We all pick up a few foreign words here and there, such as "bon jour" and "adios," but what if learning a few more could help save your life? Even if you haven't studied Spanish since high school or you aren't planning on leaving the country anytime soon, picking up a foreign language can not only expand your vocabulary, but also offset the side effects of aging and decrease your risk of Alzheimer's disease.

Researchers at the Sam and Ida Ross Memory Clinic at Baycrest in Toronto, Canada, have found that being bilingual can help strengthen cognitive reserve, or the brain's resistance to deterioration over time. Scientists analyzed data from 211 patients who had been diagnosed with probable Alzheimer's disease (AD), or showing potential symptoms of AD. Splitting the subjects up into those who were bilingual and those who were not, each patient's cognitive impairment was registered and monitored over time.

The researchers found that those who were bilingual were diagnosed with Alzheimer's 4.3 years later than those who only spoke one language, and subsequently reported further symptoms after 5.1 years. Both groups were equal in education, occupational status and overall age. On average, monolingual subjects were diagnosed with AD at the age of 75.4 while bilingual participants were not identified with the disease until 78.6 years of age.

Dr. Ellen Bialystok, lead author of the study and professor at York University in Toronto, attributed learning another language to increase stimulation in brain activity and delay side effects of dementia.

"Being bilingual is one way to keep your brain active – it's part of the cognitive-reserve approach to brain fitness," Bialystok told National Geographic News. "Our conclusion is that lifelong experience in managing attention to two languages reorganizes specific brain networks, creating a more effective basis for executive control and sustaining better cognitive performance throughout the lifespan."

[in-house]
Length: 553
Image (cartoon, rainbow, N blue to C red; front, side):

Tips for learning a new language
Alzheimer's disease is the sixth leading cause of death in the United States according to the Alzheimer's Association. Acquiring a second language can not only impress your friends, but help prevent future symptoms of dementia from occurring. Here are a few easy tips for those interested in speaking in another tongue.

  • Review the basics: Learn the basic and essential words first. The ability to piece together cohesive sentences will only progress over time. Focus on greetings, colors and animals at the beginning, then ease into the grammatic​al structure. Learn to use simple phrases like, "the dog is black" before progressing on to more difficult topics.
  • Gather resources: Buy a dictionary for your preferred language, as well as books, movies or music. Reading or hearing sentences directly can help you get the feel for pronunciation and framework. If you are unfamiliar with a word or phrase, write it down and look it up in the dictionary. Movies with subtitles are also a great way to read and hear what characters are saying.
  • Set your standards: Only you can motivate yourself so set goals in advance and provide a plan for yourself to follow. Objectives like learning the words to a song in two weeks or writing a five page fictional story in a few months can help you advance.
  • Use your skills: Once you are putting time and effort into learning your language, put your skills to the test. Visit places or people who speak the native tongue and try to strike up conversation, or sing along to a favorite native musician. The internet is a perfect place to explore forums, or find a pen pal from another country. Continue demonstrating your new ability in any way imaginable, or else all the hard work will never suffice.

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